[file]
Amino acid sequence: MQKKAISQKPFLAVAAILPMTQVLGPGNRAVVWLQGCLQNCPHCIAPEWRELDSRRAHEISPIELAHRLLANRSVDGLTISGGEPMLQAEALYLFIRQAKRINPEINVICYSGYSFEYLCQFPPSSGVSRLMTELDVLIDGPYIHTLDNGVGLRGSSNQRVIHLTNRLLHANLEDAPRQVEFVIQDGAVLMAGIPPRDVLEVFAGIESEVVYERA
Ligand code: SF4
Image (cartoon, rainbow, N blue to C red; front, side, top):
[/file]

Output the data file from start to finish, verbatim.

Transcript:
Amino acid sequence: MQKKAISQKPFLAVAAILPMTQVLGPGNRAVVWLQGCLQNCPHCIAPEWRELDSRRAHEISPIELAHRLLANRSVDGLTISGGEPMLQAEALYLFIRQAKRINPEINVICYSGYSFEYLCQFPPSSGVSRLMTELDVLIDGPYIHTLDNGVGLRGSSNQRVIHLTNRLLHANLEDAPRQVEFVIQDGAVLMAGIPPRDVLEVFAGIESEVVYERA
Ligand code: SF4
Image (cartoon, rainbow, N blue to C red; front, side, top):